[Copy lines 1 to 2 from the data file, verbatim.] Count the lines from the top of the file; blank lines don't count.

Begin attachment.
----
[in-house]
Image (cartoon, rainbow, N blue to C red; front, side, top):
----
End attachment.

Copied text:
[in-house]
Image (cartoon, rainbow, N blue to C red; front, side, top):